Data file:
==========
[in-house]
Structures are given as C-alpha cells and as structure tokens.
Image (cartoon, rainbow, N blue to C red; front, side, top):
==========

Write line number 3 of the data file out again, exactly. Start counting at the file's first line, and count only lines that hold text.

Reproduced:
Image (cartoon, rainbow, N blue to C red; front, side, top):